If you want to use it, make sure you understand what the script is doing, you may need to change the lib folder and the value for the groupId or artifactId...


use strict;
use warnings;

open(my $fh, '>', 'dependencies.xml') or die "Could not open file 'dependencies.xml' $!";
foreach my $file (glob("lib/*.jar")) {
    print "$file\n";
    my $groupId = "my.mess";
    my $artifactId = "";
    my $version = "0.1-SNAPSHOT";
    if ($file =~ /\/([^\/]*?)(-([0-9v\._]*))?\.jar$/) {
        $artifactId = $1;
        if (defined($3)) {
            $version = $3;
        `mvn install:install-file -Dfile=$file -DgroupId=$groupId -DartifactId=$artifactId -Dversion=$version -Dpackaging=jar`;
        print $fh "<dependency>\n\t<groupId>$groupId</groupId>\n\t<artifactId>$artifactId</artifactId>\n\t<version>$version</version>\n</dependency>\n";
        print " => $groupId:$artifactId:$version\n";
    } else {
        print "##### BEUH...\n";
close $fh;

Note: When using the System scope (as mentioned on this page), Maven needs absolute paths.

If your jars are under your project's root, you'll want to prefix your systemPath values with ${basedir}.

This is how we add or install a local jar


i gave some default groupId and artifactId because they are mandatory :)

This is what I have done, it also works around the package issue and it works with checked out code.

I created a new folder in the project in my case I used repo, but feel free to use src/repo

In my POM I had a dependency that is not in any public maven repositories


I then created the following directories repo/com/dovetail/zoslog4j/1.0.1 and copied the JAR file into that folder.

I created the following POM file to represent the downloaded file (this step is optional, but it removes a WARNING) and helps the next guy figure out where I got the file to begin with.

<?xml version="1.0" encoding="UTF-8" ?>
<project xmlns="" xmlns:xsi=""
    <name>z/OS Log4J Appenders</name>
    <description>Apache Log4j Appender for z/OS Logstreams, files, etc.</description>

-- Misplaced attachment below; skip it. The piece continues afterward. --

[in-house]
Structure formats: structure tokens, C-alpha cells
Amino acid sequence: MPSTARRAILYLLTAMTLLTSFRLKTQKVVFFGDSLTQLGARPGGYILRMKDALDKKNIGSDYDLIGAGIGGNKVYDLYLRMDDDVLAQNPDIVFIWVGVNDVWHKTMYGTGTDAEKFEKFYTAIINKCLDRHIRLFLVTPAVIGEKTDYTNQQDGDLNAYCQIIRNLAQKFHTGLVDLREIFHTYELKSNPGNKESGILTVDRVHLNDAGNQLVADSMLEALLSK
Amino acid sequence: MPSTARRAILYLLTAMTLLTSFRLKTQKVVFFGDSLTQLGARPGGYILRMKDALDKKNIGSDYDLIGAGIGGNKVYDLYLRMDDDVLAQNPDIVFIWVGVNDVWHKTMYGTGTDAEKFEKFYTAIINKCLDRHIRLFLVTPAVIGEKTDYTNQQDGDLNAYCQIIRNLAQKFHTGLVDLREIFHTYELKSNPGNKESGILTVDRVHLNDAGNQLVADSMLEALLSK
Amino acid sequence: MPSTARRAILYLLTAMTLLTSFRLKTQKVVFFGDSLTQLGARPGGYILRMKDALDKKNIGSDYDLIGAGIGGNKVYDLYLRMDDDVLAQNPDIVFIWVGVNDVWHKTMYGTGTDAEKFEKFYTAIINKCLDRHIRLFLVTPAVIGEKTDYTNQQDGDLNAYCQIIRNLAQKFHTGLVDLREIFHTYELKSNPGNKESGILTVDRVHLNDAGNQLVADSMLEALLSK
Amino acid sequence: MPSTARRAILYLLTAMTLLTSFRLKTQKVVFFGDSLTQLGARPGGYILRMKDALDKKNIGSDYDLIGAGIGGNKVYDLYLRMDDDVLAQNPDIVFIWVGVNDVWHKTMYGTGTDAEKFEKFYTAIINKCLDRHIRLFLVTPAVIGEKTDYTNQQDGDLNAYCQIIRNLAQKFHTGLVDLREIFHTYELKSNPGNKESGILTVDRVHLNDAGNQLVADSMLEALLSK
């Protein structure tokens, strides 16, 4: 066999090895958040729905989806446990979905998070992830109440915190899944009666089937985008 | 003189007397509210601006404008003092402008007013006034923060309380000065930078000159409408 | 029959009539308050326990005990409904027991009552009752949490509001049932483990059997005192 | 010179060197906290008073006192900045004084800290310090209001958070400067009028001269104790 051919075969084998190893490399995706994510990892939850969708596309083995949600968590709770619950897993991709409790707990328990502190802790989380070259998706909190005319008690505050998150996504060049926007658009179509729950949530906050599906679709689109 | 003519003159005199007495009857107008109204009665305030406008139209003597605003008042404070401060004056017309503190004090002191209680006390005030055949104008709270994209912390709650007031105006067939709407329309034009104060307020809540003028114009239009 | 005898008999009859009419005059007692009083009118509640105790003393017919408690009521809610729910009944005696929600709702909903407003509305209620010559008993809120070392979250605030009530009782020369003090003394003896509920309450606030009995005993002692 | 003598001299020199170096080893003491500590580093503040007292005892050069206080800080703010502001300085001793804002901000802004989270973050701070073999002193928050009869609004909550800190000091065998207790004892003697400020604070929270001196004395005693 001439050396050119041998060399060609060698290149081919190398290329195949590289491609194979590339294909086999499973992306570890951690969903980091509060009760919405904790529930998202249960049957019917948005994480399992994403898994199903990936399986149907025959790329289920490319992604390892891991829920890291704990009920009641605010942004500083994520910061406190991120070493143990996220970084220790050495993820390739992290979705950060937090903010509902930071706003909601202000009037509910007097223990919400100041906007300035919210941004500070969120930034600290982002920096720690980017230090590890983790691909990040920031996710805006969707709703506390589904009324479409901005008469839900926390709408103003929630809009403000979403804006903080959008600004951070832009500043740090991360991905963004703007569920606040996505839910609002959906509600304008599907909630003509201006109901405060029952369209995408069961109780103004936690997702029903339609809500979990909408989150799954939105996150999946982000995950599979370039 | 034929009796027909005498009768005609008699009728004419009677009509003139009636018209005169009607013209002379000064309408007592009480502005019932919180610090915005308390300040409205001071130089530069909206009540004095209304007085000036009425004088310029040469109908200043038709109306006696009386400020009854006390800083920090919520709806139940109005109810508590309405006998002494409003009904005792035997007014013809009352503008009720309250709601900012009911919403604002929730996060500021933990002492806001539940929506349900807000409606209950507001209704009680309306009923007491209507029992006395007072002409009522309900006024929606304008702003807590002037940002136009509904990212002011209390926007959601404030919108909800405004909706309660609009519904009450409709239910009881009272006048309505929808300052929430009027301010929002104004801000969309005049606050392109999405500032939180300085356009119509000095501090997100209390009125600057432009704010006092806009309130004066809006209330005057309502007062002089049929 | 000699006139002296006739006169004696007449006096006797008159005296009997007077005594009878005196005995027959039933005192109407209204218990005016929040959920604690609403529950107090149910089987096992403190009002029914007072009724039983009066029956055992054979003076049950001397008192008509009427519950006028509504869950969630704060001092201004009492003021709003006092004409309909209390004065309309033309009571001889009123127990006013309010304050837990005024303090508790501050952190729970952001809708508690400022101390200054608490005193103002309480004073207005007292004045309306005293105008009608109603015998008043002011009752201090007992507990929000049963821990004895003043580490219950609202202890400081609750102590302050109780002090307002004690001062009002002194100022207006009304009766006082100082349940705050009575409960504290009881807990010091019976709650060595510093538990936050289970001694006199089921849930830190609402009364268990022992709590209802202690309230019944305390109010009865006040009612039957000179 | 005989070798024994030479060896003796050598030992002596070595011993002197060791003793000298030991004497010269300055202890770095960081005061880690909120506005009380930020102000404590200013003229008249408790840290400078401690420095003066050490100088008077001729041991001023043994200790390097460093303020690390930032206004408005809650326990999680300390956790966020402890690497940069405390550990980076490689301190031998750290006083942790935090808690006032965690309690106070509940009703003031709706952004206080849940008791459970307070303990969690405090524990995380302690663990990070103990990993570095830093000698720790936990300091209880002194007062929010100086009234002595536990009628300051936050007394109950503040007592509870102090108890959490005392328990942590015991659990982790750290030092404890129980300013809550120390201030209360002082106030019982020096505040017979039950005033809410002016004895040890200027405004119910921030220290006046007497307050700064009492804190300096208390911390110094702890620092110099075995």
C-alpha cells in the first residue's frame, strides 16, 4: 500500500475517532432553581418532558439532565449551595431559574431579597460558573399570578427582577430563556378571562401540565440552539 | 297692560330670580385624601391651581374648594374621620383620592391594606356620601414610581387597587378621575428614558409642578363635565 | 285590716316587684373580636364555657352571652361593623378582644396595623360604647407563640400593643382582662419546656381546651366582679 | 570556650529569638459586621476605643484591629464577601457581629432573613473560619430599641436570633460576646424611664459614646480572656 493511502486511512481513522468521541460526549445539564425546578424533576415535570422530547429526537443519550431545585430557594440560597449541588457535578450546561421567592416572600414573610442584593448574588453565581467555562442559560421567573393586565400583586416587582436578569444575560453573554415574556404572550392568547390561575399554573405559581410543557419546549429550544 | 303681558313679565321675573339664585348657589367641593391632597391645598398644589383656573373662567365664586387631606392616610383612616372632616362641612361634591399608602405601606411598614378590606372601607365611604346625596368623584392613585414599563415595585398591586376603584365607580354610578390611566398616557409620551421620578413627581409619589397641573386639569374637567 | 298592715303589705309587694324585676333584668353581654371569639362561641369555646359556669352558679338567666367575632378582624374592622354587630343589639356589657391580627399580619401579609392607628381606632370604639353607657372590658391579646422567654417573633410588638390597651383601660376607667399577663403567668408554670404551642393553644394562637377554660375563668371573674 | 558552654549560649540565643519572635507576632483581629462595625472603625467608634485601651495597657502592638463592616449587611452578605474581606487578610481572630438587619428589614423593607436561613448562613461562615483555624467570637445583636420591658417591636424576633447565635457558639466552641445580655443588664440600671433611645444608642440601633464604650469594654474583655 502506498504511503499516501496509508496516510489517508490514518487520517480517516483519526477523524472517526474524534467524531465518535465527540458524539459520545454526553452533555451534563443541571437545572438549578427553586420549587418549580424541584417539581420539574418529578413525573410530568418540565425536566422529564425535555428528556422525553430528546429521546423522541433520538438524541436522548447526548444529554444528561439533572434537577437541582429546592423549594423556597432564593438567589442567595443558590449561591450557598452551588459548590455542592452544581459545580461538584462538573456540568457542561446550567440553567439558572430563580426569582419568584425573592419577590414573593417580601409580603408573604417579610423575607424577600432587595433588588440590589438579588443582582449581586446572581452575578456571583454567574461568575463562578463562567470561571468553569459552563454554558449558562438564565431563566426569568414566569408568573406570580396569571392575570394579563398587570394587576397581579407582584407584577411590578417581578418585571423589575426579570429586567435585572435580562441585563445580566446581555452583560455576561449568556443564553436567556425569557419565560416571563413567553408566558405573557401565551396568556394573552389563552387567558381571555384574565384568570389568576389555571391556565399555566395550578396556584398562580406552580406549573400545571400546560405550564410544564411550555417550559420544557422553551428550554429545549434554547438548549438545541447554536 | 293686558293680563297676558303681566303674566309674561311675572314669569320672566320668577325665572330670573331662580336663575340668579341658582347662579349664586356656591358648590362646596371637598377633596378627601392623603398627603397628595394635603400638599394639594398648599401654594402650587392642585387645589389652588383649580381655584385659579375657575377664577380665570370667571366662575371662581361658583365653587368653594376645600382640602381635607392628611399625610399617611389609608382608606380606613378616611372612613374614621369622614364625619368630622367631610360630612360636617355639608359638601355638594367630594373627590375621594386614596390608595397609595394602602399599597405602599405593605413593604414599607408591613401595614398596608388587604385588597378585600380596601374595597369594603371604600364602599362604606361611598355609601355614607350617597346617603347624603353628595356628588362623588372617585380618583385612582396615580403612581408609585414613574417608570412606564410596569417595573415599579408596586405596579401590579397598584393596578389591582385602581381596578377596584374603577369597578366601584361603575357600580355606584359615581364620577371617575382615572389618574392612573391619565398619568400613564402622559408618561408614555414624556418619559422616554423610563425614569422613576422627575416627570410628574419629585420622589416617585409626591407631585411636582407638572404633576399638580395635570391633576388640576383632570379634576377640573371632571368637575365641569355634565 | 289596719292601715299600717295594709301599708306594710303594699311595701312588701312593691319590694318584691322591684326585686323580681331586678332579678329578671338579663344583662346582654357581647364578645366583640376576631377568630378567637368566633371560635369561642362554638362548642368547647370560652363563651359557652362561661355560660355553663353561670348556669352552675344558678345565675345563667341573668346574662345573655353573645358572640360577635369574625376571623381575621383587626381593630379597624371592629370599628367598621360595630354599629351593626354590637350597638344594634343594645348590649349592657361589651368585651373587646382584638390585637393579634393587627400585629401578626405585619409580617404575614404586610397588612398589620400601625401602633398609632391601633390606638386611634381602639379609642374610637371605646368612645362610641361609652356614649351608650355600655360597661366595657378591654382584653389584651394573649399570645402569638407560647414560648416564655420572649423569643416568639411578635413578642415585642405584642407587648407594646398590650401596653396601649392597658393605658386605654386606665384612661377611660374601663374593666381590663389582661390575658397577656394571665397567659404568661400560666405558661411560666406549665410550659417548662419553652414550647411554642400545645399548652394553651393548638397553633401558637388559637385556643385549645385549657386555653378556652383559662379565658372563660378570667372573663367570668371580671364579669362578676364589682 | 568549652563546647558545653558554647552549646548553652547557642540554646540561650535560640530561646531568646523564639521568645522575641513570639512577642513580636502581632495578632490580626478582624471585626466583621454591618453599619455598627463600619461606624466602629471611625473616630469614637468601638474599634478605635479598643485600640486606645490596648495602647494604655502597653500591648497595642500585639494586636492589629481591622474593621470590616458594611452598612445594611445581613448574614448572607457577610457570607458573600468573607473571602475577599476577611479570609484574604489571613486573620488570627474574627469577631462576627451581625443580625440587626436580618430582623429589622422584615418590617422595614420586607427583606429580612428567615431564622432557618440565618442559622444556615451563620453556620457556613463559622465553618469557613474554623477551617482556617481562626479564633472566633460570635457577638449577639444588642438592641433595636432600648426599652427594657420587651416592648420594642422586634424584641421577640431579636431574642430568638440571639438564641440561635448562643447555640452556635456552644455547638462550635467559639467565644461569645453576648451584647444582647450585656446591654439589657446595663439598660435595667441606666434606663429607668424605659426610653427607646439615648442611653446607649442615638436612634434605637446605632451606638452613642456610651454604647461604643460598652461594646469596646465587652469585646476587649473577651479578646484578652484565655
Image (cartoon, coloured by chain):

Two optional files I create are the SHA1 checksums for the POM and the JAR to remove the missing checksum warnings.

shasum -b < repo/com/dovetail/zoslog4j/1.0.1/zoslog4j-1.0.1.jar \
          > repo/com/dovetail/zoslog4j/1.0.1/zoslog4j-1.0.1.jar.sha1

shasum -b < repo/com/dovetail/zoslog4j/1.0.1/zoslog4j-1.0.1.pom \
          > repo/com/dovetail/zoslog4j/1.0.1/zoslog4j-1.0.1.pom.sha1

Finally I add the following fragment to my pom.xml that allows me to refer to the local repository


Using <scope>system</scope> is a terrible idea for reasons explained by others, installing the file manually to your local repository makes the build unreproducible, and using <url>file://${project.basedir}/repo</url> is not a good idea either because (1) that may not be a well-formed file URL (e.g. if the project is checked out in a directory with unusual characters), (2) the result is unusable if this project’s POM is used as a dependency of someone else’s project.

Assuming you are unwilling to upload the artifact to a public repository, Simeon’s suggestion of a helper module does the job. But there is an easier way now…

The Recommendation

Use non-maven-jar-maven-plugin. Does exactly what you were asking for, with none of the drawbacks of the other approaches.

What seems simplest to me is just configure your maven-compiler-plugin to include your custom jars. This example will load any jar files in a lib directory.


You may create local repository on your project

For example if you have libs folder in project structure

  • In libs folder you should create directory structure like: /groupId/artifactId/version/artifactId-version.jar

  • In your pom.xml you should register repository

  • and add dependency as usual


That is all.

For detailed information: How to add external libraries in Maven

You really ought to get a framework in place via a repository and identifying your dependencies up front. Using the system scope is a common mistake people use, because they "don't care about the dependency management." The trouble is that doing this you end up with a perverted maven build that will not show maven in a normal condition. You would be better off following an approach like this.